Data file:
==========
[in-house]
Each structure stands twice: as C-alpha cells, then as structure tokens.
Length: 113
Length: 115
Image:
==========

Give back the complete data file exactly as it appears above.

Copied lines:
[in-house]
Each structure stands twice: as C-alpha cells, then as structure tokens.
Length: 113
Length: 115
Image: